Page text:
The 'success' of scientific endeavours within the physical world has been enough to silence any opposition when it came to applying 'scientific methods' more universally to the cultural and human sciences. It has taken the emergence of an ecological movement to warn us of the dangers of a scientific tradition that sees progress as a matter of the domination and control of nature. In most cases this has led us to worry about the consequences of science in such areas as the greenhouse effect rather than its form and character.l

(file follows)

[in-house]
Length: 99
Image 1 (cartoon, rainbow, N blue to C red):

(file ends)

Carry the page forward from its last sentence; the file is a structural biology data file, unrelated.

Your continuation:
In areas such as alternative medicine we are beginning to experience what can be gained from a more holistic sensitivity that brings us into a fuller relationship with the particularities of our health. We learn not to think of illness exclusively as a breakdown in a mechanical system whose symptoms can be treated impersonally and universally. Within a mechanistic vision, symptoms carry a signification that is supposedly universal, forming a language of sigtJs, irrespective of the persons within which they are expressed. It is this conception. which might be appropriate in some areas. that is beginning to break apart at the seams.